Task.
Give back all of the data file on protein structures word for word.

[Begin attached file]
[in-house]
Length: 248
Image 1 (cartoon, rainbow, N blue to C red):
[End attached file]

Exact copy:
[in-house]
Length: 248
Image 1 (cartoon, rainbow, N blue to C red):